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iglidur 3D printing component test

3D printing polymers that, in moving parts, last up to 80 times as long as normal plastics from conventional manufacturing processes, and in some applications, last longer than metal.

Is that a pipe dream? No, those are the clear statistics provided by testing in our test laboratory and confirmed by our customers. Calculated, tested, proven: each statement about iglidur polymers service life following additive manufacture is based on comparisons that have been performed many times. Their evaluation is also the basis of our service life calculator – which you can use to calculate the expected service life of your printed components in just a few clicks.
 
Calculate expected service life for your printed component


Comparison of 3D printed linear bearings

3D printed linear bearings in testing

Less wear than ABS by a factor of 33

3D printed gears in testing

3D printed gears in testing

Up to 80% more abrasion-resistant than ordinary plastics

3D printed bushing in short linear stroke testing

3D printed bushing in testing

More than 300 times the service life of ABS

Printed drive thread nuts tested

3D printed lead screw nuts in testing

Up to 18 times the durability of ABS

3D printed plain bearings in the pivot test

3D printed plain bearings in testing

Up to 50 times the abrasion resistance of PA12

Coefficient of friction and service life test for rotating bearings

3D printed bearings in rotation testing

Long service life for iglidur I3, complete failure for ABS


Wear test: linear long stroke

3D printing materials in the test: wear-resistant polymer iglidur® I3 beats ABS material by factor 33

Linear tests (long stroke)

Test parameters:

  • Surface pressure: 0.11MPa
  • Surface speed: 0.34m/s
  • Stroke: 370mm
  • Shaft materials: alu hc
  • Duration: 3 weeks

Wear test linear graph

     Y = wear rate [μm/km]
 
     1. ABS (FDM)
     2. iglidur I180 (FDM)
     3. iglidur I3 (SLS)
     4. iglidur J (injection moulded)

Abrasive wear of linear sliding bushes after test

Test result:
the long-stroke test shows lower coefficient of wear by factor 15 for iglidur I180 (FDM) and even by factor 33 for iglidur I3 (SLS). Due to the very good tribological properties, the wear-resistant iglidur materials are ideal for long-stroke applications, such as X-Y gantries for pick-and-place applications or plain bearings and glide bars in the 3D printer.


Wear test: linear short stroke

Tribological properties of plain bearings from the 3D printer almost identical to injection-moulded ones

Wear test linear short stroke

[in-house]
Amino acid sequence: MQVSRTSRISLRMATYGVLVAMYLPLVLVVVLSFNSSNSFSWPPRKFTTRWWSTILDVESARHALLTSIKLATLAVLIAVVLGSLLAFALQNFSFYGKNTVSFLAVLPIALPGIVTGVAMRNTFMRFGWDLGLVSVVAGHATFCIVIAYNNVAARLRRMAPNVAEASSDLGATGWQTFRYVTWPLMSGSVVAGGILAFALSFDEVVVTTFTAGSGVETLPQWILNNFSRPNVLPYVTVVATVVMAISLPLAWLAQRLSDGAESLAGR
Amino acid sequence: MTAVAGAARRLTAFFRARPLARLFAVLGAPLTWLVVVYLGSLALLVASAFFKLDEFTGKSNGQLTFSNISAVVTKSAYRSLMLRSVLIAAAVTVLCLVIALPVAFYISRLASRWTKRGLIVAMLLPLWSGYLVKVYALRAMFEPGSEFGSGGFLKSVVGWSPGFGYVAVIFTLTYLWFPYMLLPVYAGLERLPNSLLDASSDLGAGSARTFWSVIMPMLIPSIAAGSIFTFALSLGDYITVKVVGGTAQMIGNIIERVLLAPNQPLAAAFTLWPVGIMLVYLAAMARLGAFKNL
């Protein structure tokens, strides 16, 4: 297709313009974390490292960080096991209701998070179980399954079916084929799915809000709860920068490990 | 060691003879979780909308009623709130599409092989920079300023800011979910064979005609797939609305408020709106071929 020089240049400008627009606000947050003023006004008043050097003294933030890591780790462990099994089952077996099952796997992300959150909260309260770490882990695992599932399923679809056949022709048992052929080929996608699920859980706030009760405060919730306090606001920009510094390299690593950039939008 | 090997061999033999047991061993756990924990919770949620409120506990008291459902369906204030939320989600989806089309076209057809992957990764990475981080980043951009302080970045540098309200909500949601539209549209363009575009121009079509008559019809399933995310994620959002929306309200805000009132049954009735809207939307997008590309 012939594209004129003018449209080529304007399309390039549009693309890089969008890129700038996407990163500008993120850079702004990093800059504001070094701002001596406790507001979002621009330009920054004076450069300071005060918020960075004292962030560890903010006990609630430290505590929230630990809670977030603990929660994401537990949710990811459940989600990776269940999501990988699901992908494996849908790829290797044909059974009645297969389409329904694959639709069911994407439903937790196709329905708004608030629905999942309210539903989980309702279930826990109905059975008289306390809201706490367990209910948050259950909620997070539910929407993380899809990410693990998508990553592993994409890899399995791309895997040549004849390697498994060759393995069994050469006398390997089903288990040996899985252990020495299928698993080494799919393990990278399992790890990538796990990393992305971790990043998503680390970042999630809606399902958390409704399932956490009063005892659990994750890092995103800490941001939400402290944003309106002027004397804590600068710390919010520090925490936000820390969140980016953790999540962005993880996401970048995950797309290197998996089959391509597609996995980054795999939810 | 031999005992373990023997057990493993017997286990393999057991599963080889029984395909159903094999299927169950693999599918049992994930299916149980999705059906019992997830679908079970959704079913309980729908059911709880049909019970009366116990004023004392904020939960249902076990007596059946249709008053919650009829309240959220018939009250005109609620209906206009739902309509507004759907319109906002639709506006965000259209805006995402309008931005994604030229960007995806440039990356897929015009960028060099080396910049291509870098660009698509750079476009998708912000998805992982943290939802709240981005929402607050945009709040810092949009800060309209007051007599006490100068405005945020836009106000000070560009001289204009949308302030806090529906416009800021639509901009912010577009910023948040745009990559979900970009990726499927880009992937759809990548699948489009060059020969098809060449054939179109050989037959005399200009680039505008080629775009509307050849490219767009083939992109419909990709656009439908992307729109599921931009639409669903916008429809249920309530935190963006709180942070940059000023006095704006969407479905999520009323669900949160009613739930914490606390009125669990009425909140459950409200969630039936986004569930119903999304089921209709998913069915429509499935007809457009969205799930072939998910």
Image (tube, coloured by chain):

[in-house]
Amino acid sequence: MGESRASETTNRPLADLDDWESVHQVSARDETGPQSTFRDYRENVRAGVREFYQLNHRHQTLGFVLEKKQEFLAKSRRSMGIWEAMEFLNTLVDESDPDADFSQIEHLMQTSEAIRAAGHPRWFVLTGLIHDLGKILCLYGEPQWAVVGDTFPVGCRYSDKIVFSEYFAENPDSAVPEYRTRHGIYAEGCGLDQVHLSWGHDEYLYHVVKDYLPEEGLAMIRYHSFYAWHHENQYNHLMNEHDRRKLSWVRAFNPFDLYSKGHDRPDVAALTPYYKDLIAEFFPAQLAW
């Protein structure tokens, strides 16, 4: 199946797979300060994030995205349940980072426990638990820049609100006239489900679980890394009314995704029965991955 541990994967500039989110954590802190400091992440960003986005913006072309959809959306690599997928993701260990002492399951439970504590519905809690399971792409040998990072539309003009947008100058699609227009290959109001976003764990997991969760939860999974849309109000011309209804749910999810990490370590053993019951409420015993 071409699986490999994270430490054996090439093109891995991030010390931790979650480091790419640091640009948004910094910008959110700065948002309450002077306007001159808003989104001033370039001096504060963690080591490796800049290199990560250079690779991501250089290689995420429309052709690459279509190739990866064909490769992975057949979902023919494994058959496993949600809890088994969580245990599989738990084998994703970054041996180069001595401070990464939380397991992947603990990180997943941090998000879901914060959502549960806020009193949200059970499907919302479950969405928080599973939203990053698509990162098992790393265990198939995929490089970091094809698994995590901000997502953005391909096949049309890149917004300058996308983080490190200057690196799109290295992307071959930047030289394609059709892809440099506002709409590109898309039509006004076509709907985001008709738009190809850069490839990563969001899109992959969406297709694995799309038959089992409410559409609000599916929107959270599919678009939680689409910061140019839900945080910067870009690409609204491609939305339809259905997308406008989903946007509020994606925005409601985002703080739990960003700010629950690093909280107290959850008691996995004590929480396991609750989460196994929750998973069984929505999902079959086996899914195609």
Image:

Test parameters:

  • Surface pressure: 1MPa
  • Surface speed: 0.3 m/s
  • Stroke: 5mm
  • Shaft materials: CF53 (left bar) and 304 SS (right bar)
  • Duration: 1 week

Wear test linear graph

Y = wear rate [μm/km]
 
1. ABS (FDM)
2. iglidur® J260 (FDM)
3. iglidur® J260 (injection moulding)

Wear test linear short stroke

Test result:
plain bearings made of iglidur J260, a wear-resistant polymer, have similarly good wear rates, regardless of whether they are 3D printed or injection moulded. iglidur J260 injection-moulded plain bearings and bearings printed in 3D were tested with the same load and surface speed. 
This test also shows that, thanks to tribological properties, our iglidur 3D printing materials exhibit a coefficient of friction and abrasive wear that is much lower than those in standard ABS materials.
Determine the service life of 3D printed plain bearings in your application: just enter the necessary parameters into the free plain bearing service life calculator, and the service life is calculated:

Bearings made of 3D printed sliding polymers are attractive because their service life is much higher than that of components 3D printed from other plastics, and exhibit a coefficient of wear that is at least as low as turned parts

  • Surface pressure: 1MPa
  • Surface speed: 0.1 m/s
■ CF53/1.1213: hardened steel
■ 304 SS / AISI 304: stainless steel

1. iglidur I3 (SLS 3D printing)
2. iglidur I150 (FDM 3D printing)
3. iglidur I190 (FDM 3D printing)
4. PA12 (SLS 3D printing)
5. ABS (FDM 3D printing)
6. PA66 (injection moulding)
7. POM (lathed)
8. PA66 (lathed)

iglidur polymers for 3D printing in testing Y axis: wear rate [mg/km] (a lower wear rate means a longer service life)

Wear test: pivoting

Up to 50 times higher abrasion resistance thanks to iglidur polymers